Well I tried this recipe as it was written and I don’t think it is for me. I didn’t feel there was any sweetness to it at all, molasses I love, but that is all you taste. And it is very strong. I did not get a hint of the blueberries’ taste at all. It was super moist though. If tweaked it could be a version of a gingerbread cake, but as it is, I was very disappointed. Sorry.

Bee Dee

Yay, another dessert recipe without sugar. Thanks, Heidi! I’ll be making this tomorrow.


sounds delicious but nobody mentioned the fact that blueberries are a healthy anti-oxidant. delicious and good for you too.


Blueberries work to make this healthier, but I avoid molasses as a rule.
For the gym conscious among us:
I substituted a mix of partially caramelized splenda and agar for the molasses, and half the amount of flour for whole wheat (no problem at all, though it’s mostly taste preference), and smart balance with flax seed for the butter.
Doing so reduced the calories by half, the sugar by 100g, taste by 0, and even added a good deal of healthy omega-3s. If made with entirely high-protein whole wheat flour, this cake could actually almost qualify as a superfood.


This is my first time posting but I just want to say how much I love your blog! You write with such passion and colorful language and your photos are exquisite.
I want to make this cake but I don’t eat eggs – what can I use as a substitute?


Might this work with dark cherries instead of blueberries? This could be a hit with the rustic cake and leftover fruit…

Chef Andrew

Blueberry+molasses is heaven on earth…Thank you for this recipe!


I use “Grandma’s” unsulphured molasses, which is expensive but has a good flavor. However, when I run across an old fashioned recipe that relies on molasses for sweetening 100%, I find the flavor just too strong, so substitute half of the amount of molasses called for with honey. It makes for a good but not excessively sweet flavor.


picking up the ingredients after work today and making this one over the weekend. sounds so good!


Heidi –
What do you mean by ‘divided’ next to the 5 tbsp of milk? Sorry if this is a stupid question – I’m pretty new at this.
It’s great to see another recipe with molasses. All my friends loved the gingerbread (even I couldn’t screw it up) which you posted a while back.
HS: Hi Sarvamitran, I just mean that you use part of the milk at one point, and then the rest later on. Sorry if that is a bit confusing!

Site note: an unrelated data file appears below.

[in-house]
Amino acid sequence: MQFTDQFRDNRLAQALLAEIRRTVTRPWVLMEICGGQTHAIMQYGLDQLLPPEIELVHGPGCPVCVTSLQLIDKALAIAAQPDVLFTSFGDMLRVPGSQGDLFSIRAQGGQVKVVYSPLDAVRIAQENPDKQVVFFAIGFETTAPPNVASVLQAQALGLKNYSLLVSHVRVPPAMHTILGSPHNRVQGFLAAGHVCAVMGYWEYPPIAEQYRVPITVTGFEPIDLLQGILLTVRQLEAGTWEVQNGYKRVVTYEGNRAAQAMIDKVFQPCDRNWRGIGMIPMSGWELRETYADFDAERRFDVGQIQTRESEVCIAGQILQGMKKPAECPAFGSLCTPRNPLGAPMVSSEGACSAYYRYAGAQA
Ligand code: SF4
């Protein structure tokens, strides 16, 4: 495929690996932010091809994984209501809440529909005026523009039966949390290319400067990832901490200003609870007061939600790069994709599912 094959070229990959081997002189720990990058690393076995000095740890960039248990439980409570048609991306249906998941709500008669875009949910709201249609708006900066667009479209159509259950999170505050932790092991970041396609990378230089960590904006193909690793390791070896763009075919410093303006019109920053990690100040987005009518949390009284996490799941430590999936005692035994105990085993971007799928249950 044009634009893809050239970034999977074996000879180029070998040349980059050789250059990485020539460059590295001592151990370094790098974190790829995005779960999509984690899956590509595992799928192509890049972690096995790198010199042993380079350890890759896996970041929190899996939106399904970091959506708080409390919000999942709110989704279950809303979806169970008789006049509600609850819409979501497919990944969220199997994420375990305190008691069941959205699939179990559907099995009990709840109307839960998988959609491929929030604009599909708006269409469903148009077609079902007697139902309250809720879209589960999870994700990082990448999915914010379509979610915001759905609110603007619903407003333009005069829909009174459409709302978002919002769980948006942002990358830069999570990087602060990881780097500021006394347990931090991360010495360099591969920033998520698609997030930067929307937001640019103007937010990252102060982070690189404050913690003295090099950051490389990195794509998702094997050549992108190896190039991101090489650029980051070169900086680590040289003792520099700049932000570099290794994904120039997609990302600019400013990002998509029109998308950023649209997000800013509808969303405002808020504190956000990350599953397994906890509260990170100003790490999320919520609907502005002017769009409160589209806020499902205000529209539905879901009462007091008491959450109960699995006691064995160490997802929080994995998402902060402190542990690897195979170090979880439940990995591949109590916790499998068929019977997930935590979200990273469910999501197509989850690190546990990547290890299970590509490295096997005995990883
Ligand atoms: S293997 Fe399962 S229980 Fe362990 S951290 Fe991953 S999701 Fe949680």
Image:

heidi-scituate is where i’ve lived my entire life! the tiny seaside town was incorporated in 1636 and is 25 miles south of boston. its funny to find it your blog and in gourmet from 1974!!!! most people have difficulty pronouncing it. we say sit-chew-it, from the native american satuit meaning cold brook.


2 Questions: 1) Why unsulphered molasses?
2) I often have a problem baking with commercial blueberries – they are overwatered when grown=big, beautiful and tasteless, so baked goods come out a bit soggy and very blue, but with little blueberry taste to them. Any suggestions? Thx!


looks very nice, i will try it.


I have some Huckleberries that would be wonderful in this. They are super sweet berries as the Summer has been so hot and dry in Idaho. Too sweet for pie, perfect in pancakes. I hope they taste as good with molasses as the blueberries.


Would agave nectar work, or no?


what a great recipe–this sounds linke sometig we’ll have to try. I ‘inherited’ a stack of vintage Gourmet mags when a friend’s foodie grandma passed away, she had kept them all those years! They are full of great ideas, and such a trip to another ers, so I’m with you on loving having them!


I’m so interested in this cake! I’ve been told to take blackstrap molasses for health reasons (all the iron and minerals and such) and the recipes I’ve seen using it seem so… blah. But this one sounds divine!
It might be a disaster, but I think I’m going to try it and sub in all-purpose GF flour and see what happens. An adventure for a rainy weekend!


OMG!! that looks so good, I’m off to the store to buy what I need!!!!!


Wow! I was thinking there was cocoa powder or chocolate in it, too. I think I’ll try it with some of the wonderful dark cherries I got at the market this week. They’re really sweet & I think would also work well in this recipe. Yum! My husband will be very happy 🙂


Just wanted to let you know that I made your peanut butter cookies (the ones with olive oil, but I used coconut oil). I used whole wheat pastry flour. THESE cookies are fabulous! They are what I want in a peanut butter cookie–good pb taste, not sugary and lower in fat and better for you. Love them. Just wanted to let you know and that I posted them on my blog with a link to yours!


This looks so good, but I’m confused: the cake looks chocolate, but I don’t see any in the ingredients. Is that just from the molasses?
HS: Hi Nick, that’s just from the molasses – can you believe that?


It’s wild blueberry season here in Newfoundland, and you can’t go outside without finding them, as well as partridge berries (which are called lingon berries elsewhere.)
I already made scones, but this recipe sounds delicious.
It’s very much like the boiled pudding recipes that are traditional here.
They also pair berries and molasses.
Those tend to be served with a heavy on the butter hard whiskey sauce.